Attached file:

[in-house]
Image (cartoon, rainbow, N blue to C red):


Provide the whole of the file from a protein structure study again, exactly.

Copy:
[in-house]
Image (cartoon, rainbow, N blue to C red):